FEATURED CONTENT
 

columns

The Common Law

Protesting High Property Taxes: Persuasive Evidence

By Luke Ellis, Fri., May 16, 2008

What evidence can help me win my property tax protest?

Unhappy with your property taxes? This first step to protesting your property value for property taxes is to file a written protest before the deadline (generally May 31 or 30 days after the appraisal district mailed a notice of appraised value). Check out last week's column for more details on filing a written protest.

Once the written protest is filed, the property owner will have the opportunity to go before the Appraisal Review Board. The ARB is a group of citizens appointed by the appraisal district's board of directors that is authorized to resolve disputes between taxpayers and the appraisal district. The ARB listens to evidence from both the property owner/taxpayer and the county's chief appraiser and ultimately determines whether the appraisal district has acted properly.

Be organized, stick to relevant facts, and keep your presentation simple and straightforward during the ARB hearing. Always remember that the ARB must base its decisions on evidence. According to the Texas comptroller's office, the type of evidence the ARB may consider persuasive includes the following:

• Defects not mentioned in the district's survey (cracked foundation, inadequate plumbing, etc.). Take photos and/or get supporting statements from builders, contractors, or appraisers to support your position.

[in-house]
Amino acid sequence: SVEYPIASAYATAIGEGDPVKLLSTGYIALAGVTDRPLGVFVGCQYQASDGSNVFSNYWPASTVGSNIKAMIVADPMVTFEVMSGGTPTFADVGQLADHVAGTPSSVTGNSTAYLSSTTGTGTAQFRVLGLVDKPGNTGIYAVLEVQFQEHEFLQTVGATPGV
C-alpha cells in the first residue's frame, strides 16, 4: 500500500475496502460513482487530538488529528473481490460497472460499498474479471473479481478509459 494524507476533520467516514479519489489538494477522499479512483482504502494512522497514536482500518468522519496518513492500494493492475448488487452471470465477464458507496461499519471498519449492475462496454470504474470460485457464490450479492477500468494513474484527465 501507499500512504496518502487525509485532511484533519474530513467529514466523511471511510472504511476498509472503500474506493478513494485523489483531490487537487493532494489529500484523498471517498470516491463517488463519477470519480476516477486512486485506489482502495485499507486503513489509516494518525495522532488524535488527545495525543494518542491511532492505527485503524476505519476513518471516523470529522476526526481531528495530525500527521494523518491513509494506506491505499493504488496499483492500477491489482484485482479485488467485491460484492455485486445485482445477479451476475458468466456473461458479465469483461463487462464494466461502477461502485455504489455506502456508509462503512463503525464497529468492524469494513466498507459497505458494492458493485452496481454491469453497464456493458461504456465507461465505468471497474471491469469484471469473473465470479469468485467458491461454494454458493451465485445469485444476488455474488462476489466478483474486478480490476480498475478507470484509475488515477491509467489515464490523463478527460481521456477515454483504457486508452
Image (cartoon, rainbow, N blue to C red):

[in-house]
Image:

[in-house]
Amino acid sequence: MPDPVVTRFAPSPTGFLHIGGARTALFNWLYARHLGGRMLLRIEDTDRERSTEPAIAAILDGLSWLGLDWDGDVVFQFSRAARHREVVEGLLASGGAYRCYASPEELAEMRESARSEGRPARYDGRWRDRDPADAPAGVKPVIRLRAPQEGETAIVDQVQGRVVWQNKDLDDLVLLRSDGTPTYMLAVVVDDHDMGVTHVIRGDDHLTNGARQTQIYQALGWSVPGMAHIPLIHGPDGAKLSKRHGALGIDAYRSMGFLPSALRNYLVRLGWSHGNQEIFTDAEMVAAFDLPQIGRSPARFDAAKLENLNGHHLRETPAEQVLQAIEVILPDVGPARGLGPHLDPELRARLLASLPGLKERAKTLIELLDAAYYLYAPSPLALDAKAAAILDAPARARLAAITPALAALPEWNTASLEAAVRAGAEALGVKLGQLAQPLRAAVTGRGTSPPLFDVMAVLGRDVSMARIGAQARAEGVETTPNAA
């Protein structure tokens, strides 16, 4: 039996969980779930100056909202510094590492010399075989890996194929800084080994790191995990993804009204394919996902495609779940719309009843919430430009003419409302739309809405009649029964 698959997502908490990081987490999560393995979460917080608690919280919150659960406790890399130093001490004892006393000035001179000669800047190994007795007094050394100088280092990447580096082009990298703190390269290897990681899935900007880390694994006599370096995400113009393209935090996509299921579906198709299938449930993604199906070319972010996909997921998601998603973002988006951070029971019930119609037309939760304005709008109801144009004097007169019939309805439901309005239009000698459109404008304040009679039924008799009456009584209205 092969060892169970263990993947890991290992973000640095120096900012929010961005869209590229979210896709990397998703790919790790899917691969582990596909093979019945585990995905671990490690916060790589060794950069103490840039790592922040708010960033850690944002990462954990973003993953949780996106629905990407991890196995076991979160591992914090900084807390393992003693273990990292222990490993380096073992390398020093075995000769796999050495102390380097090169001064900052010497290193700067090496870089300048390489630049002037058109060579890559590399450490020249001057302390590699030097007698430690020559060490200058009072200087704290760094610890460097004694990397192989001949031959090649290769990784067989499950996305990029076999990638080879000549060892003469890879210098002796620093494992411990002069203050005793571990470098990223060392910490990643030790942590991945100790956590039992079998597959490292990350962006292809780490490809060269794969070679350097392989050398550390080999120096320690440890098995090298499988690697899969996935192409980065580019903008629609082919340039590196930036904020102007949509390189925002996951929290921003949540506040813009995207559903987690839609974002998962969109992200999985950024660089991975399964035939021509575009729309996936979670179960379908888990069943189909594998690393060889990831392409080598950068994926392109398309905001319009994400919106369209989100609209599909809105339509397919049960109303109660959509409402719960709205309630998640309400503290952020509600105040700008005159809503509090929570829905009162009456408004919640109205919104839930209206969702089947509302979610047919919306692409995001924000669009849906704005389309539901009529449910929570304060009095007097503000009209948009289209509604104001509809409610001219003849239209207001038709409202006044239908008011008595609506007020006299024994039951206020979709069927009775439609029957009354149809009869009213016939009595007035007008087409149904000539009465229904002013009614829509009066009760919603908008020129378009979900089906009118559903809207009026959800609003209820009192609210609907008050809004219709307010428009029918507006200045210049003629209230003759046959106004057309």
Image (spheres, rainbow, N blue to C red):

• Incorrect measurements (lot size, square footage, etc.). Locate deed records, surveys, or blueprints, and take photos to prove the inaccuracy.

• Comparison properties. Is there a big difference between the appraised value of your home and others like it in your area? If yes, legitimate comparison sales may demonstrate that your property was not treated equally.

• Hired professionals. A property owner may want to consider hiring an independent appraiser and/or attorney if the amount in dispute is significant.

• The ARB will provide at least 15 days' notice of the hearing date (most hearings are conducted between mid-May and late July). The taxpayer will also receive a copy of ARB procedures and "Texas Property Taxes: Taxpayers' Rights, Remedies and Responsibilities," which will explain the hearing process in more detail. Check out the detailed information published by the Texas comptroller's office (www.window.state.tx.us/taxinfo/proptax/remedy08) to learn more about protesting property taxes.

Please submit column suggestions, questions, and comments to thecommonlaw@austinchronicle.com. Submission of potential topics does not create an attorney-client relationship, and any information submitted is subject to being included in future columns.

Dawson, Sodd, Ellis & Hodge LLP, www.dawsonsodd.com.

The material in this column is for informational purposes only. It does not constitute, nor is it a substitute for, legal advice. For advice on your specific facts and circumstances, consult a licensed attorney. You may wish to contact the Lawyer Referral Service of Central Texas, a non-profit public service of the Austin Bar Association, at 512-472-8303 or www.austinlrs.com.

share
print
write a letter